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This Ageist Ad Got the Longevity Market Angry

Stria Staff October 5, 2018

Aging and longevity professionals were up-in-arms this week against an unlikely cause: an advertisement targeting youth.

A series of ageist ads called “Don’t Vote” got some attention this week. The videos feature caricatures of angry older people telling young voters to keep away from the polls. The purpose is to scare young people into voting by pitting them against older voters on a number of key political issues. The campaign was produced by Nail Communications for Acronym, a group created in 2017 to support progressive causes and candidates. Acronym describes itself as a “no-BS digital organization” and is part of a multi-million dollar effort to elect Democrats.

AdWeek called the ads “comically savage” in a profile that ran on its website late in September. The series of spots seemingly have been well-received in the media community, with social media influencers calling “a great political ad” and Source Creative naming it their “Select of the Day.”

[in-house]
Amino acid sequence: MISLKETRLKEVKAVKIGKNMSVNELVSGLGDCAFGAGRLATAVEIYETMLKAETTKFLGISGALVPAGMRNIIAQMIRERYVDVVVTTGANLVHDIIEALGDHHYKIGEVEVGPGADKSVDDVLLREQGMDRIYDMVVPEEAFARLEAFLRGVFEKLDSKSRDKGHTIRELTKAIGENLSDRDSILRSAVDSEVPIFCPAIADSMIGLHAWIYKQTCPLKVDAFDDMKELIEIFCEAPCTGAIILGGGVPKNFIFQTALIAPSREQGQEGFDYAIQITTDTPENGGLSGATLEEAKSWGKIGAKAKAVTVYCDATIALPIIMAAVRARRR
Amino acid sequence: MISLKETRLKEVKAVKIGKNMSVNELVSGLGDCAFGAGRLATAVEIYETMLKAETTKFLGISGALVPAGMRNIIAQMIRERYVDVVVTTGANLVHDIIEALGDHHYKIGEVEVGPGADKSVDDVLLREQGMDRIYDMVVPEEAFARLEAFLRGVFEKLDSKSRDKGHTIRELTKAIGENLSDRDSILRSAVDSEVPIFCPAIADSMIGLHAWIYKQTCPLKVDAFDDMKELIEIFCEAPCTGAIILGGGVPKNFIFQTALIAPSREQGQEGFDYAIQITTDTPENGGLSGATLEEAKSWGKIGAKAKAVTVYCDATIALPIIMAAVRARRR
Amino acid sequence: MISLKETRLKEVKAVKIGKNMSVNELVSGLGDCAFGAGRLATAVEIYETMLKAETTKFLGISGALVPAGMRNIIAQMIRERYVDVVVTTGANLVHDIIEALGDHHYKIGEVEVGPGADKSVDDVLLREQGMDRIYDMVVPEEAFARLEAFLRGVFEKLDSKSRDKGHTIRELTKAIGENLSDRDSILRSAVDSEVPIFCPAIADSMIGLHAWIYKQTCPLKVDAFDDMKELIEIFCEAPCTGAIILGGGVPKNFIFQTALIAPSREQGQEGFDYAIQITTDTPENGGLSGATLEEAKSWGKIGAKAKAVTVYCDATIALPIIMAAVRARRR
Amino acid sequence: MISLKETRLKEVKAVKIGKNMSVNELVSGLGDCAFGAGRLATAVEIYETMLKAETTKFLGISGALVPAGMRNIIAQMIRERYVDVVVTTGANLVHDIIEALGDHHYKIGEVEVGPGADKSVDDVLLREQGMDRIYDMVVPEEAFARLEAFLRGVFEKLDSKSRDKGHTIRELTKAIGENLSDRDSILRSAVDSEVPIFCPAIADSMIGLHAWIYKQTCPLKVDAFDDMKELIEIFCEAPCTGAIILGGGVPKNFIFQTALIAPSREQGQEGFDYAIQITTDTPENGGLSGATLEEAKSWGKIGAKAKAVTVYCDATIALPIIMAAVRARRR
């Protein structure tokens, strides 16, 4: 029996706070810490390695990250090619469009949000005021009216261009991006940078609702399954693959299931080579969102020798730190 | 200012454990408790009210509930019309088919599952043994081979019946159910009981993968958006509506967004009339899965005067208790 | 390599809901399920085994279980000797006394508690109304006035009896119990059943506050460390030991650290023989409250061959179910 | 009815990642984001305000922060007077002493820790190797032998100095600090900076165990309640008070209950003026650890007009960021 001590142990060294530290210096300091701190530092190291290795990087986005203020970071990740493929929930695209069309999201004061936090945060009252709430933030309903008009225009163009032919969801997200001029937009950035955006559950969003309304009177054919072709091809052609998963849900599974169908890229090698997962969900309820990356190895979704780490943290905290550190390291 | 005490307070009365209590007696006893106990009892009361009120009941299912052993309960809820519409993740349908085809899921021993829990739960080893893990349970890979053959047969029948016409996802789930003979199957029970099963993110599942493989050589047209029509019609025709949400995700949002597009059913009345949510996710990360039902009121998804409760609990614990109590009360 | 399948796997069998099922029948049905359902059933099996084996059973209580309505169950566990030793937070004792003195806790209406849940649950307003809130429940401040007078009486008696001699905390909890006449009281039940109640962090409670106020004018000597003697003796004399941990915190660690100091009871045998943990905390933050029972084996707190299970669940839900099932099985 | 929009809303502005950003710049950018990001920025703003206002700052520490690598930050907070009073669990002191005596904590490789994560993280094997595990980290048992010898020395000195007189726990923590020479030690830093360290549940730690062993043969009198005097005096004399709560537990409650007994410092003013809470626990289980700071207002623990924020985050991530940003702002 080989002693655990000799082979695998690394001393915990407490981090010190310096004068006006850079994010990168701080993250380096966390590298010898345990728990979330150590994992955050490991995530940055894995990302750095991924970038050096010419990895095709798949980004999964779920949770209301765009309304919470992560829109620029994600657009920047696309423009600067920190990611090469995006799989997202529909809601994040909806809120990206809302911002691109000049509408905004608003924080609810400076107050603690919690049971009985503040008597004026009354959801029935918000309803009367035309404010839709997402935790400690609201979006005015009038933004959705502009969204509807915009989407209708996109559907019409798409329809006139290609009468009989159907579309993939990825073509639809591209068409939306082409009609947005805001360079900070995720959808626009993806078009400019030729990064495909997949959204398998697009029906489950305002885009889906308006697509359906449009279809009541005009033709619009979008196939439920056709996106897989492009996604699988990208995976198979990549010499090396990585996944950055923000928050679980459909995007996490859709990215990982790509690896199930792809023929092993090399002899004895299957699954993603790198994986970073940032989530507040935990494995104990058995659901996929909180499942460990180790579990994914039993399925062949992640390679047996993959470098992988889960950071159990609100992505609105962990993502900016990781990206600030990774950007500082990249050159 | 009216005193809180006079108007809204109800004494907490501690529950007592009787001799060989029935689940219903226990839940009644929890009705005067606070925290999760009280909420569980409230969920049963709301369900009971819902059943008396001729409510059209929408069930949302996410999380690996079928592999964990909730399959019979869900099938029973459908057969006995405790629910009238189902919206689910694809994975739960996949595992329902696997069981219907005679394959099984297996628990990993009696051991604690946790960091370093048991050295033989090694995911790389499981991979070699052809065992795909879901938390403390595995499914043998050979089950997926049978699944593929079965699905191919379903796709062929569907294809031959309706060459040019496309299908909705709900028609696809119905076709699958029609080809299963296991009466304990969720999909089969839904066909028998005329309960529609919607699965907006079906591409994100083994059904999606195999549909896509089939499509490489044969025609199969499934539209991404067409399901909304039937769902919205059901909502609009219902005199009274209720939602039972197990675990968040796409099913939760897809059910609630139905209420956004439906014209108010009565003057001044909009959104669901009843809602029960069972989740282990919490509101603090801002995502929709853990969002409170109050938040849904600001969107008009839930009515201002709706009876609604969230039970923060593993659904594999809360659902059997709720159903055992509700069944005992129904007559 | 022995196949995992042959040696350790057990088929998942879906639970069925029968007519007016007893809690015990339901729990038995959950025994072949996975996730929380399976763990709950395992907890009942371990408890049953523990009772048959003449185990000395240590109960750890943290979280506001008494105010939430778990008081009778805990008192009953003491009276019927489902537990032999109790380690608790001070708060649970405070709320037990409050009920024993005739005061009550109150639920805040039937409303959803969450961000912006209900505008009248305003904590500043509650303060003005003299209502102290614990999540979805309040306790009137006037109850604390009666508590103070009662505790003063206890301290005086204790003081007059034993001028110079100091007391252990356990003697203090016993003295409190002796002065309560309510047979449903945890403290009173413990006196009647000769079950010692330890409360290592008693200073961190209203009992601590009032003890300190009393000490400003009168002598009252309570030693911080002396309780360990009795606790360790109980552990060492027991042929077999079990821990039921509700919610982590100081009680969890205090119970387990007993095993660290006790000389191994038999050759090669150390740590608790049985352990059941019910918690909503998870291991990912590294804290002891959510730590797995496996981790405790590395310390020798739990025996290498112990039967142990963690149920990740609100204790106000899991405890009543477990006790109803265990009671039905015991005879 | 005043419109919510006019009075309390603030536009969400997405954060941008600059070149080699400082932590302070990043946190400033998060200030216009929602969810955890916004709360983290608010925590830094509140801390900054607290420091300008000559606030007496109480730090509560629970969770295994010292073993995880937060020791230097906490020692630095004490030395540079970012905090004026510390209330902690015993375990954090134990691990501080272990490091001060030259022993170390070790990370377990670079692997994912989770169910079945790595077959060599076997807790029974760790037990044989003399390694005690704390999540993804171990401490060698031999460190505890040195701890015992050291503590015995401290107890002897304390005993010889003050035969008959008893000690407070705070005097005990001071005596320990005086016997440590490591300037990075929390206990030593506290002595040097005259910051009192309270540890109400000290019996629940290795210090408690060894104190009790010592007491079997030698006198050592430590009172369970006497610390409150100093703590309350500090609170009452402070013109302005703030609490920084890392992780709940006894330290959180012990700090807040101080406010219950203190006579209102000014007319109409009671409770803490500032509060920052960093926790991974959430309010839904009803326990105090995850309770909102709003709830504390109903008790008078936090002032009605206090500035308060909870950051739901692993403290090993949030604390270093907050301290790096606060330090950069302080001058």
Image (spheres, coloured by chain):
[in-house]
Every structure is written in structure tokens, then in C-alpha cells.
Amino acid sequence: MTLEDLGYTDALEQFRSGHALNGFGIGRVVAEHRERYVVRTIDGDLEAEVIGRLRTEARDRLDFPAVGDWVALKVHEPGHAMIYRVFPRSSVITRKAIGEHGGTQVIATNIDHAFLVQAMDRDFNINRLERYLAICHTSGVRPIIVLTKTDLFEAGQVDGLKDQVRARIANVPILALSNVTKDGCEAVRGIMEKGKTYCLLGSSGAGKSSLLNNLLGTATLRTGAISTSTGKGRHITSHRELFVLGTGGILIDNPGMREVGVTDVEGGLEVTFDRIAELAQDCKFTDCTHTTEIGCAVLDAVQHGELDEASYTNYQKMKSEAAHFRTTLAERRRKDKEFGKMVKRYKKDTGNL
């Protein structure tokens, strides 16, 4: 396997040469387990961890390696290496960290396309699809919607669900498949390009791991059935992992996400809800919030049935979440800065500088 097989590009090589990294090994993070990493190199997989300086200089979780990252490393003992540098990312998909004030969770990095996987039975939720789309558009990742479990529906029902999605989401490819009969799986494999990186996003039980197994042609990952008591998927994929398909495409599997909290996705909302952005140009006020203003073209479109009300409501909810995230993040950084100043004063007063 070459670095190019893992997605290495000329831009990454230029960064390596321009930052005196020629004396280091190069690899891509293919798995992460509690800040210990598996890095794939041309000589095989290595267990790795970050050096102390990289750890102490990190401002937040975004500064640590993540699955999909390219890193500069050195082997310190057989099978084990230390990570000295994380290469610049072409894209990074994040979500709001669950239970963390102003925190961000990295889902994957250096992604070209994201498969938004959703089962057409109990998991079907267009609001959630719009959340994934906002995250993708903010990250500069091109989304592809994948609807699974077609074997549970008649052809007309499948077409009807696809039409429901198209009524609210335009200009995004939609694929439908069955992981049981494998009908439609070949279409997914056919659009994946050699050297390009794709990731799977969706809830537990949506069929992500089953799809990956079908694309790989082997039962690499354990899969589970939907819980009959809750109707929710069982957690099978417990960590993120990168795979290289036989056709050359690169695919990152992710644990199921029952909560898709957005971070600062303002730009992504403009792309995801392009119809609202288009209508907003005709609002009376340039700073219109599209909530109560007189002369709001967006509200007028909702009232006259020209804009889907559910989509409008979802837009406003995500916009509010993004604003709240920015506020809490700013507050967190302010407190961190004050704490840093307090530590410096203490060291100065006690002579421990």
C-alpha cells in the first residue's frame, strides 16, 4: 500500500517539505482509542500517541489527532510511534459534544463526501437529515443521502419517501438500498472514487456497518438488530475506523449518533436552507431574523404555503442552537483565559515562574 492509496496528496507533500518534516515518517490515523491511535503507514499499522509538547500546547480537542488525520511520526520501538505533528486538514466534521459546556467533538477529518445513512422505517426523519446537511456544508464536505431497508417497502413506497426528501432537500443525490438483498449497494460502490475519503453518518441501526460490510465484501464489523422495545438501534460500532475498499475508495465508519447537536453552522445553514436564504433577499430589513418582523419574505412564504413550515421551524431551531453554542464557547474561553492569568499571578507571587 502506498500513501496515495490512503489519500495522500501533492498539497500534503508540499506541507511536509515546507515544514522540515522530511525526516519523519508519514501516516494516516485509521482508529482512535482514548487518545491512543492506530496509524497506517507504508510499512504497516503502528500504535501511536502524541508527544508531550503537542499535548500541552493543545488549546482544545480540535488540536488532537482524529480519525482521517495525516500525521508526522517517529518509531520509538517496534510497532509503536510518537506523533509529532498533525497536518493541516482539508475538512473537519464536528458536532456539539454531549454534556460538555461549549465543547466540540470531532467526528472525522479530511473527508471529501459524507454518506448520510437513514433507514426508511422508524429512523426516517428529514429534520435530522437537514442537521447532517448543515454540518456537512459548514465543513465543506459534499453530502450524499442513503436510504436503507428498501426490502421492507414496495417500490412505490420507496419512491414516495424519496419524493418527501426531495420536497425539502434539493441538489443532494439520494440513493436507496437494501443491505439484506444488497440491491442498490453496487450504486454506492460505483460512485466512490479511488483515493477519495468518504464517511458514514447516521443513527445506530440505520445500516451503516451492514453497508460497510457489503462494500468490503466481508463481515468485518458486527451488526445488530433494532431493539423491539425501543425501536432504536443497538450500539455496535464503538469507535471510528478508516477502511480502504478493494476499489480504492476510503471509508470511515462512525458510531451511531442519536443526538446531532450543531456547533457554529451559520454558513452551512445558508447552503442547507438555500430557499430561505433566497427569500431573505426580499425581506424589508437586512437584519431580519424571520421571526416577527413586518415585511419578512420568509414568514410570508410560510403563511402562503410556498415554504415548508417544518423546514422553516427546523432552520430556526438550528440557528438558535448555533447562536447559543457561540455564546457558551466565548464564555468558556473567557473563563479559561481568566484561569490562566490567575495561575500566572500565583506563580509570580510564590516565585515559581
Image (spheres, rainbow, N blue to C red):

But our colleagues had some different descriptors for the spot, which they shared in social media posts this week. The consensus says this ad is ageism at its worse. (And in the midst of all this, AARP launched an effort to tackle ageism in advertising.)

Update: In response to outrage in the field, The American Society on Aging issued a formal response. Current ASA Board of Directors Chair Karyne Jones wrote in a letter to the ads’ creators “This kind of conspiracy‐mongering recalls some of the most unpleasant episodes in history with its elements of scapegoating and straw‐person posturing and is not a worthy complement to a progressive agenda.”

Check out the ad and let us know what do you think.

Here were just a few of the reactions from our field on social media:

What do you think? Share this story and add your opinions to the social conversation.

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